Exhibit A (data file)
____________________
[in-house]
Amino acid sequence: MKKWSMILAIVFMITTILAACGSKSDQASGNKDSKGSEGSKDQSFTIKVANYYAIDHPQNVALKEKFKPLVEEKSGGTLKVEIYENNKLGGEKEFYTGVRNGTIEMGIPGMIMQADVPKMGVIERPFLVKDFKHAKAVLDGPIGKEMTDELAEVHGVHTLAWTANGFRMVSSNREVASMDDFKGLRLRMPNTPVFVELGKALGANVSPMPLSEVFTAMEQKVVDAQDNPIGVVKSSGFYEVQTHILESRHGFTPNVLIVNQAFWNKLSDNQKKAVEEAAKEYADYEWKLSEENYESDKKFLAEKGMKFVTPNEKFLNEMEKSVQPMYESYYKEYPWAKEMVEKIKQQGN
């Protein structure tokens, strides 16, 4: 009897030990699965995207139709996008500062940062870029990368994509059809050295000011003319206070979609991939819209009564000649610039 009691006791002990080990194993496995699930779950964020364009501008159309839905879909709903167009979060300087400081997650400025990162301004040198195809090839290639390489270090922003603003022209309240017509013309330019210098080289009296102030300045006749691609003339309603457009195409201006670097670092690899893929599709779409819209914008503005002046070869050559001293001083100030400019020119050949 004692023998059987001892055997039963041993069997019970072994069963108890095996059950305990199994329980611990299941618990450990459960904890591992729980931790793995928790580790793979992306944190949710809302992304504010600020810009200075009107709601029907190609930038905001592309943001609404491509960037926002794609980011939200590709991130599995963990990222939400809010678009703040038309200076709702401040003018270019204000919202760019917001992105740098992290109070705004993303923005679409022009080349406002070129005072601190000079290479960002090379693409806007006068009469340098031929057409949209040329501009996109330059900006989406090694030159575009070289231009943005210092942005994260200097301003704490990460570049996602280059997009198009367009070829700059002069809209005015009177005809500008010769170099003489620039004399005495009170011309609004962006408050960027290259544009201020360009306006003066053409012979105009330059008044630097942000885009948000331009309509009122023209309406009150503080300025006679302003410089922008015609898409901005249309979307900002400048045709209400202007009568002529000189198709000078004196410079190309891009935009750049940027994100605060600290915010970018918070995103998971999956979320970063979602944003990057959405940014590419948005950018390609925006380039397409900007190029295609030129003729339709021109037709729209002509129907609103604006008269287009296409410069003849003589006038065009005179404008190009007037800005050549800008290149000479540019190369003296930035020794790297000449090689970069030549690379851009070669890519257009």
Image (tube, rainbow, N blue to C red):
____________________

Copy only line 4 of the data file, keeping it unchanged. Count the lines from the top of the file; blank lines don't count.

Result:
Image (tube, rainbow, N blue to C red):